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Continuous Adductor Canal Blockade versus Periarticular Liposomal Bupivacaine Infiltration for Analgesia After Total Knee Arthroplasty
Session: MP-04c
Thurs, April 19, 3:30-5:00 pm
Plymouth (Shubert Complex), 6th floor

Please note, medically challenging cases are removed three months after the meeting and scientific abstracts after three years.


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Continuous Adductor Canal Blockade versus Periarticular Liposomal Bupivacaine Infiltration for Analgesia After Total Knee Arthroplasty

Sean Dobson, MD PhD; Kyle Sebastian; Nathan Stouffer; Robert Weller, MD; James D. Turner, MD; J Douglas Jaffe, DO; Christopher Edwards, MD; Daryl S. Henshaw, MD; J. Wells Reynolds, MD; 


Total Knee Arthroplasty (TKA) is a commonly performed orthopedic surgical procedure that can result in significant postoperative pain.   Many approaches to postoperative analgesia have been described, with the goal to provide sufficient analgesia and preserve motor strength so that the patient can participate in physical therapy with the hope that length of stay can be minimized, therefore reducing costs.   We compared infiltration of liposomal bupivacaine (LB) by the surgeon after a short acting single injection femoral nerve block  to continuous adductor canal blockade (cACB). The primary outcome was patient reported pain scores at 24-hours (Numeric Rating Scale 0-10 [NRS]). We hypothesized that cACB would be superior to LB.  Secondary outcomes included NRS pain scores at 12, 36, and 48-hours, opioid consumption, time-to-first-opioid-administration, distance ambulated on post-operative day (POD) 1 and 2, and LOS in hours

Materials and Methods

•This was an IRB approved retrospective analysis of 182 patients that underwent total knee arthroplasty. The need for informed consent was waived.
•Patients that received a cACB (92 patients) with 25 ml of 0.25% bupivacaine with 1:200k epi and 1:600k clonidine followed by an infusion of 0.125% bupivacaine at 10 ml/hr were compared to patients (90 patients) that received a single injection femoral nerve block with 0.2% ropivacaine with 1:400k epi and infiltration of periarticular LB by the orthopedic surgeon. All patients also received a single injection sciatic nerve block and a spinal anesthetic.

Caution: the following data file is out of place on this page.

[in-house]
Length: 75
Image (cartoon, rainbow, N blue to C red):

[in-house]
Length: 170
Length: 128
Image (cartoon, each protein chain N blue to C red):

•Primary outcome –NRS pain rating recorded by nursing staff at 24 hours
•Secondary outcomes: NRS pain scores recorded by the nursing staff at 12, 36, and 48hrs; greatest ambulatory distance achieved with PT on postoperative days 1 and 2; time to first administration of opioid on the post-surgical ward; cumulative opioid consumption at 24 and 48 hours; and total time to readiness to discharge in hours.


Primary and secondary outcomes can be found in Table 2

•NRS pain scores at 24 hours were significantly lower in the cACB group compared to LB group
•The following secondary outcomes favored cACB over infiltration with LB: lower NRS pain scores at 12-hours and 36-hours, prolonged time-to-first-opioid-administration, decreased cumulative opioid consumption at 24 and 48-hours, and distance ambulated on POD1.                          
•There was no statistical difference between the two groups in regards to ambulation on POD2, NRS pain scores at 48-hours, or hospital LOS.


These results suggest that analgesia following TKA is superior with cACB and single shot sciatic block as compared to LB infiltration with a single shot femoral nerve block and sciatic block.  The use of cACB resulted in lower pain scores at 12, 24, and 36-hours, lower opioid consumption through both 24-hours and 48-hours, a longer time-to first-opioid-administration, and a farther distance ambulated on POD1.  However, time to hospital discharge was not impacted.

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